[79]  C. Desai, S. Mitra, Microwave induced carboxylation of nanodiamonds, Diamond and Related Materials, 34 (2013) 65-69.
[80]  P.H. Chung, E. Perevedentseva, J.S. Tu, C.C. Chang, C.L. Cheng, Spectroscopic study of bio-functionalized nanodiamonds, Diamond and Related Materials, 15 (2006) 622-625.
[81]  H.A. Girard, J.C. Arnault, S. Perruchas, S. Saada, T. Gacoin, J.P. Boilot, P. Bergonzo, Hydrogenation of nanodiamonds using MPCVD: A new route toward organic functionalization, Diamond and Related Materials, 19 (2010) 1117-1123.
[82]  <garcia-piña163.pdf>.
[83]  V. Bondar, Pozdnyakova, I., Puzyr, A., Applications of Nanodiamonds for Separation and Purification of Proteins, Applications of nanodiamonds, 46 (2004) 737-739.
[84]  S. Huang, J. Shao, L. Gao, Y. Qi, L. Ye, Adsorption of Cathepsin B-sensitive peptide conjugated DOX on nanodiamonds, Applied Surface Science, 257 (2011) 8617-8622.
[85]  H. Ba, Y. Liu, X. Mu, W.-H. Doh, J.-M. Nhut, P. Granger, C. Pham-Huu, Macroscopic nanodiamonds/β-SiC composite as metal-free catalysts for steam-free dehydrogenation of ethylbenzene to styrene, Applied Catalysis A: General, 499 (2015) 217-226.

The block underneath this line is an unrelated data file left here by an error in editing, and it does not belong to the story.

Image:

[86]  Y. Liu, Sun, K., Protein Functionalized Nanodiamond Arrays, Nanoscale Res Lett, 5 (2010) 1045-1050.
[87]  V. Pichot, K. Bonnot, N. Piazzon, M. Schaefer, M. Comet, D. Spitzer, Deposition of detonation nanodiamonds by Langmuir–Blodgett technique, Diamond and Related Materials, 19 (2010) 479-483.
[88]  N. Attia, Rao, J., Geckeler, K., Nanodiamond–polymer nanoparticle composites and their thin films, J Nanopart Res, 16 (2014) 1-12.
[89]  V. Bondar, Puzyr, A., Nanodiamonds for biological investigations, Applications of nanodiamonds, 46 (2004) 716-719.
[90]  A. Pentecost, Gour, S., Mochalin, V., Knoke, I., Gogotsu, Y., Deaggregation of Nanodiamond Powders Using Salt- and Sugar-Assisted Milling, ACS Appl. Mater. Interfaces, 2 (2010) 3289-3294.
[91]  S.R. Hemelaar, A. Nagl, F. Bigot, M.M. Rodriguez-Garcia, M.P. de Vries, M. Chipaux, R. Schirhagl, The interaction of fluorescent nanodiamond probes with cellular media, Mikrochim Acta, 184 (2017) 1001-1009.
[92]  O.A. Mogil’naya, V.S. Bondar, Comparative study of antibacterial properties of Lysozyme upon its adsorption and covalent binding to nanodiamonds, Nanotechnologies in Russia, 7 (2012) 658-665.
[93]  R.A. Shimkunas, E. Robinson, R. Lam, S. Lu, X. Xu, X.Q. Zhang, H. Huang, E. Osawa, D. Ho, Nanodiamond-insulin complexes as pH-dependent protein delivery vehicles, Biomaterials, 30 (2009) 5720-5728.
[94]  H. Hashemi-Moghaddam, S. Zavareh, S. Kazemi, M. Jamili, Evaluation of magnetic nanoparticles coated by 5-fluorouracil imprinted polymer for controlled drug delivery in mouse breast cancer model, International journal of pharmaceutics, (2015).